Meg 2: The Trench review – Jason Statham v seamonsters, round two

“A relationship, I think, is like a shark,” says Woody Allen in Annie Hall. “It has to constantly move forward or it dies.” Ditto franchises. A prologue set in the Cretaceous period hints that Meg 2: The Trench will exceed the enjoyably tacky thrills of the 2018 seaborne monster movie by going weirder and wilder – a suspicion encouraged by the presence of Ben Wheatley (Sightseers, A Field in England) as director. In fact, the sequel alternately treads water and splashes around frantically in search of an identity. Never settling on whether he wants his film to be Alien, Jaws, Jurassic Park or Sharknado, Wheatley serves up a bouillabaisse of all four.

Battling a 75ft-long megalodon with an 8ft dorsal fin and five rows of teeth is another sort of formidable, remorseless beast: Jason Statham, who returns as shark-hunter and ocean-defender Jonas Taylor but still hasn’t decided whether to play the role with a cockney accent or an American one. While he’s mulling that over, he commandeers a submersible on a research trip 25,000ft below, only to find the mission gatecrashed by megs and other assorted sea monsters. It’s the multiplicity of threats that scuppers any possible scares: everything from a giant squid and velociraptor-like land-dwelling lizards to a double-crossing entrepreneur and a gang of rogue miners leave the meg playing second fiddle in its own film. Matters have come to a pretty pass when audience and characters alike see an exploding head as little more than a minor setback.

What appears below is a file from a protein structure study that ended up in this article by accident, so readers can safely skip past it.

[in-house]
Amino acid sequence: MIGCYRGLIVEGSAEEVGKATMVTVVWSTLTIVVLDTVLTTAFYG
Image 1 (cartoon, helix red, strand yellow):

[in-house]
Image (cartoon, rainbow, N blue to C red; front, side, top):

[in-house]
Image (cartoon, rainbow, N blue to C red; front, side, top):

Intermittent pleasures include a knowing reference to Jaws 2 and a Little Shop of Horrors-style shot gazing out from inside an open mouth, as well as plenty of “Hell no!” interjections from the endearing Page Kennedy as resident tech guy, DJ. And the film keeps Statham busy, whether he is taking to jet-skis for an impromptu midsea jousting tournament or scrambling along a pier as it’s being masticated. His deathless way with a line reading can still raise a smile. “Great – more megs,” is no one’s idea of snappy dialogue but his unimpressed cadence lifts it into the realm of the droll.

It’s just a shame the film makes him spend so much time playing dad to a teenage sort-of stepdaughter, Meiying (Sophia Cai). Along with her uncle, Jiuming (Wu Jing), who thinks he can tame a megalodon, they end the film as a sitcom trio, suggesting a potential new direction for the third instalment. A radical rethink is needed, that’s for sure. Anyone for Meg vs M3GAN?

• Meg 2: The Trench is released on 4 August in the UK and the US